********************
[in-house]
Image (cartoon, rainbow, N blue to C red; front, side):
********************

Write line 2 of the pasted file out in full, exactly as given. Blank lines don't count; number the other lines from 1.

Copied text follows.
Image (cartoon, rainbow, N blue to C red; front, side):